Injuries mean more decisions for referees to make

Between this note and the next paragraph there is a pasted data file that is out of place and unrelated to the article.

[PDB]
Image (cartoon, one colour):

When people take up refereeing they quickly find out that it’s all about making decisions and sometimes they have to make decisions on things they know nothing about. I was reminded of this a few weeks ago after the injury to Reading Football Club’s Jay Tabb. Supporters of the Royals will not need reminding that he took the full force of the ball in his face, when it was kicked by an opponent from a short distance, and was knocked unconscious. There are eighteen powers and duties of a referee and two of them refer to injured players. The first one says; the referee stops the game, if in his opinion, a player is seriously injured. The second one reads, the referee allows play to continue until the ball is out of play if a player, if in his opinion, is only slightly injured. Note that phrase ‘in his opinion’. What experience do most referees have in assessing injuries? The answer is usually very little. On our training courses we ask how many people have had medical or first aid training. The answer is usually none and the most we are likely to get is a couple out of twenty four candidates. So as I say, referees are asked to make decisions about something they know little about but which could have ramifications. In the case of Jay Tabb, it was pretty obvious; he was laid out cold after a heavy blow. Referees are advised in any case to stop immediately for head injuries as they can of course lead to more serious repercussions. But what is a head injury? Obviously if two players go up for the same ball and crack heads it is obvious but what about players who go down holding their heads claiming they have been the victim of an opponent’s arm? Is that a head injury? Is the player injured seriously enough for the referee to stop the game? Another of the problems referees face is the faking of injuries by players. This is an offence of course, but imagine cautioning a player only to discover he has a real injury. In Jay Tabb’s situation there would have been no doubt and one tip we do pass on, is that a player who lies completely still, is more likely to have suffered a serious injury that one who is writing about in apparent agony. There are other times when serious injuries are obvious. A broken leg can often be seen or even heard. I remember once a player who twisted, not even making a tackle, and went down with a scream. I looked around and could see that his knee cap was sticking out the side of his leg. Luckily, there were first aiders in attendance but even they wouldn’t touch it and the player had to wait on the field for the ambulance to arrive. The problem in local football is that very few clubs have qualified first aiders. That’s the reason I wrote a book along with fellow referee Terry Gibbs, entitled ‘So you carry the sponge’. It was about immediate first aid on the football field and aimed specifically at local club trainers although it was also purchased by referees. However, the real answer is that if you don’t know what you are doing, it’s probably better not to take any action. The doctor’s creed is ‘first do no harm’ and that should be the criteria when a player is injured. I know that Reading Football Club were upset when the referee at Jay Tabb injury, moved Tabb’s head before the physio got there thinking it would help, when it could have had disastrous consequences. Referees have enough responsibility in having to decide between serious and slight injuries, between a fake or exaggerated injury and a real one, it is best, unless they are qualified, that they leave any treatment to the club officials.

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